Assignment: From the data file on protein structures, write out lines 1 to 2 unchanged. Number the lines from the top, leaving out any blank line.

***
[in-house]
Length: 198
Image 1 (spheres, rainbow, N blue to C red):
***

[in-house]
Length: 198